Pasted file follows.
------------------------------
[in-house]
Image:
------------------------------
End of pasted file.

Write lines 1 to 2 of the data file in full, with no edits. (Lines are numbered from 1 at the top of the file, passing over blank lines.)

[in-house]
Image: